9. Karma. Find a cause you care about and donate to it on #GivingTuesday. Never hurts to have (good) karma on your side.
    10. Schedule it. Schedule out your giving reminders across all major platforms using HooteSuite, Facebook scheduled posts, and your email scheduler. Try to analyze peak times your followers are active – we like FollowerWonk for analyzing followers on Twitter.
    11. Ink your supporters. Create temporary hand tattoos with your  {logo} + #GivingTuesday or #Unselfie. Send these to volunteers ahead of time, ask them to ask staff during lunch to collect. These can also be used as incentives for early giving or participation. Here are the cheapest ones we found – 1000 for $100
    12. Reputation matters. New volunteers will be evaluating new nonprofits based on rating sites. Check to make sure you are updated in places that matter: Guidestar.com, CharityNavigator.com, GreatNonprofits.org, Wikipedia.org.
    13. Time sucks suck… Participate, but don’t let this take too much time! Time is money, manage expectations on returns for your work.
    14. Start early. Trends for Cyber Monday and Giving Tuesday show people gearing up in August/September.
    15. Blitz your message! Have super supporters schedule tweets that say “I gave to @{YourCharity} #GivingTuesday” for December 2nd, 2014. ThunderClap is a great tool for this.
    16. Better together– don’t worry about crowded messaging, we are increasing the size of the pie, which means your slice will be larger. Think about how you can collaborate with other orgs in your cause area. Donation averages per charity involved in 2012 & 2013 stayed relatively even as total charities involved increased by 250%.
    17. Matching Gifts are to #GivingTuesday as deals are to #CyberMonday.  Create urgency by creating a 24-48 hour period where donations will be matched. Use Double the Donation’s #GivingTuesday Matching Gift Pages for free.
    18. Don’t cannibalize your holiday messaging. This is just the start of the race – not the final sprint. Think about positioning this as participating in a social movement to combat the shitty commercialism that has taken over one of best excuses to eat turkey with in-laws.
    19. TEST YOUR DAMN DONATE PAGE. This should happen well before #GivingTuesday. We have had increases of 20% and higher for every page we have A/B Tested for our Whole Whale clients.
    20. First Tuesday giving. Offer an option for donors to repeat their donations on the first Tuesday of every month.
    21. Be a part of the conversation. Be hyperactive on social and consider running ads in the afternoon 1-4pm when donation activity peaked on #GivingTuesday in 2013 (Blackbaud).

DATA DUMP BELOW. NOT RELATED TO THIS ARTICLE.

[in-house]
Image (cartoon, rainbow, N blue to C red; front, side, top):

22. Prepare a landing page. Promote your Giving Tuesday campaign on your site’s homepage, and across subpages so that all visitors will know about it. Create a focused giving page just for #GivingTuesday and promote that exact page, don’t make people click to find your donate button please.
    23. Progress meter! Set a donation goal and show users the progress towards that amount. Pro-tip: feel free to raise the goal if donations start pouring in and try to seed early donations to get started. We like IndieGoGo and Tilt, but you can also fake this functionality by manually updating an image on your site as you hit milestones.
    24. Say thanks! Show a feed of Twitter users who have donated and try to thank each one that donates with #GivingTuesday.
    25. Make donations tangible. Will the money go toward a new program or needed equipment? Giving transparency can help your story when getting ‘fence-sitters’ to convert. Lakeside Chautauqua managed to raise $105k by focusing on a local restoration project in their community.
    26. Be #Unselfie (ish). Encourage your members to share their #unselfie(s) with you on Twitter, FB, and Instagram. Try to highlight the best stories – Once again, The Michael J. Fox Foundation did this very well in 2013.
    27. The best ideas are not in the room. Look to your supporters for great fundraising stories that you can bring national attention to.  The Cystic Fibrosis Foundation did this well by finding a 10 year-old who was selling barrettes to raise money to help her friend struggling with the disease.
    28. Don’t ignore corporate giving! Companies are just like people (#HobbyLobby) and may have employee giving programs you can tap into or find matching gifts through. America’s Charities is a leader in running workplace giving campaigns and has some great tips for #GivingTuesday corporate giving.
    29. Did it work? Create a December donation forecast, then measure total donations for December and on #GivingTuesday. Ask the question: Did we cannibalize giving, redistribute to Tuesday, or increase it?

    Video training on online fundraising basics

    Source: BigDuck smart communications for nonprofits
  • The Must-Do First Step in Creating a Profitable Fundraising Plan
    By Gail Perry - Friday Jun 23, 2017

    A fundraising assessment. A development office audit. A SWOT of your fundraising program.

    What are these things?

    They're the first step to creating a killer fundraising strategy that can unlock your fundraising potential.

    No kidding.

    Before you can create a strategy and a plan of execution, you have to step back and assess where you are.